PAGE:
11. Sheri FNP-C

    Do most NPs start working after licensure?

    Sorry for the delay in replying. I haven't had time to check in very often lately In my situation the insurance carrier I used, Marsh, allowed me to get NP insurance as long as I had met the requirements for state licensure and expected my license within a month. Otherwise they suggested I get RN malpractice insurance for the time being and would upgrade my policy to an NP policy when I was actually an NP. Long before I was officially an NP I also started the credentialing process at the hospitals in my area. Since the reference checks can take 6 weeks or longer, they were more than willing to begin the process. I was not able to actually be credentialed until I had my license, NPI, insurance, etc. Actually, I am still waiting to get credentialed at one hospital though everything has been in for months now. Keep us posted!
  12. Sheri FNP-C

    Insurance Credentialing. . .HELP!

    Hi there. I recently accepted my first NP job in a small pediatric office. Luckily there billing company takes care of all credentialing. As I replied to a similar post previously, just getting them the necessary documentation and signing all the applications has been very time consuming and overwhelming. I would not suggest taking on this endeavor on your own. Also, the signed employment contract was one of the documents required by most insurance companies. It seems like it would be impossible to get credentialed without that. The billing company did say that lots of NPs have their charts co-signed by MDs and bill under the MDs credentialing. My practice did not want to do that, fearing that it isn't completely legal/ethical. Some insurers such as BCBS don't credential NPs unless they are independent practitioners, so there isn't any credentialing involved, you just bill under the MD. I accepted this job around June 1st. I am currently credentialed with only about 1/2 the necessary ins. companies. It really is a lengthy process. If you aren't committed, there is no harm in continuing to look even if you decide to attempt to work through the credentialing process.
  13. Sheri FNP-C

    Sigmoid volvulus anyone?

    Stool for O&P? and of course CA as David mentioned. Interesting, let us know!
  14. Sheri FNP-C


    I don't know much about Maryland or ENT, but as a new grad I was offered a f/t position in OB/GYN that also required call (phone only) and payed $62k although I would have been doing procedures that make big money for the practice. They said my salary would be in the low $70s within a couple years, but even that is a far cry from $85k. I would think it depends on the going rate for your area and how much experience you have. Let us know what you decide and congrats on the offer!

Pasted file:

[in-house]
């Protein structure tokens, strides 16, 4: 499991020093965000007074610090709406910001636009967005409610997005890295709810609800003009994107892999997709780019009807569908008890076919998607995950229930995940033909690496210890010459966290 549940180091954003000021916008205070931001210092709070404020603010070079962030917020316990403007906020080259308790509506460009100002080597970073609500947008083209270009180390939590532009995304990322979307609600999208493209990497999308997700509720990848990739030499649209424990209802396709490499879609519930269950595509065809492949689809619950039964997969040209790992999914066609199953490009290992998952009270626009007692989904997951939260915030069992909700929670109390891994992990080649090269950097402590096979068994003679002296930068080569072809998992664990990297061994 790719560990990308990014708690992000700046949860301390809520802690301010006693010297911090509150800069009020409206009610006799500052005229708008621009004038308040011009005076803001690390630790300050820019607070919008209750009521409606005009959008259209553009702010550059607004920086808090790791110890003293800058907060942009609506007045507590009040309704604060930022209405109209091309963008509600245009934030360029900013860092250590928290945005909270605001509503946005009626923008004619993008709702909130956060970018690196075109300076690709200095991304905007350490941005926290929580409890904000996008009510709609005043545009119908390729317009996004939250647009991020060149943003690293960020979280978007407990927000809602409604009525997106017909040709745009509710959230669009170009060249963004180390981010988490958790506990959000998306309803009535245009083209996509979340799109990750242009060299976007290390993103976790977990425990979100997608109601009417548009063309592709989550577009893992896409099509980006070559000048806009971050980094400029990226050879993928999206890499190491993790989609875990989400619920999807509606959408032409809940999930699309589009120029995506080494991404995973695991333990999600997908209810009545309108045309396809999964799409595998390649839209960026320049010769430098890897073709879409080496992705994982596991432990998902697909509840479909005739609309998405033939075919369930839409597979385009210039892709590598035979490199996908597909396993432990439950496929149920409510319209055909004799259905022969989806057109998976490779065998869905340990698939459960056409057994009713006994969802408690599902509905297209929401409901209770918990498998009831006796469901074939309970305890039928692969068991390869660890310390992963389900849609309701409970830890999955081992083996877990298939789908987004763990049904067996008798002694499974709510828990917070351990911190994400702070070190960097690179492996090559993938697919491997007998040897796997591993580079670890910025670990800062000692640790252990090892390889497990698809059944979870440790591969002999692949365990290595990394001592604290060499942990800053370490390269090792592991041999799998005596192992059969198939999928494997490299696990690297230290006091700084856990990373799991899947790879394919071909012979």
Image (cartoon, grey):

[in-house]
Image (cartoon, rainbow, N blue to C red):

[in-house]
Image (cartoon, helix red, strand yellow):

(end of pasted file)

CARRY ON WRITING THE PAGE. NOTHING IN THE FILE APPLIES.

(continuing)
15. Sheri FNP-C

    Do most NPs start working after licensure?

    I graduated in May. I had a total of 4 job offers, 2 came before graduation and 2 immediately after. I got the AANP authorization to test at the end of June and took the exam early in July. I got my official certificate last week. I got licensed mid July (my state does not require certification for licensure). I then had to apply for an NPI number and DEA number. NPI was issued the same day, DEA took about 3 weeks. Once that was all in place, along with NP malpractice ins., the practice needed to work on getting me credentialed with insurance companies and the hospitals I will be rounding at. So far I am credentialed with less than 1/2 of the ins. companies and only 1 of the 2 hospitals I need privileges at. I started working around 8/1 only part-time as an orientee. The doctor working with me comes in after I see the patient, does a quick exam, and signs the scripts. I think this is necessary or they couldn't bill under their name. I will officially start in September seeing 20 patients a day. I am a bit nervous...20 seems like a lot to start, but we will see how it goes. It is so much more of a process than I ever imagined. Had I known, I don't know if I would have started looking for a job so early. However, I am lucky to have worked in hospital management so I had a lot of connections in the community. Otherwise, I am quite sure I would not have had such good luck finding a job. Also, I am lucky that the practice was willing to wait for me to finally be able to work. All I can say is hang in there! Something will come along.
  16. I have tons of software on my PDA. In school I used 5 minute pediatrics and the free epocretes quite a bit along with the free CDC immunization schedule download. Now that I am practicing, I have found the epocretes that you pay for to pretty much cover almost everything I need to look up. I probably could have gotten through school with that alone. You didn't ask, but I will add anyway that the AAP book that has screeing guidelines and normal development was also great. Good luck.